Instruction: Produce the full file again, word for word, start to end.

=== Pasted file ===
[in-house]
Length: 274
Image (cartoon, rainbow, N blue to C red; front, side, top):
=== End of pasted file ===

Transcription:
[in-house]
Length: 274
Image (cartoon, rainbow, N blue to C red; front, side, top):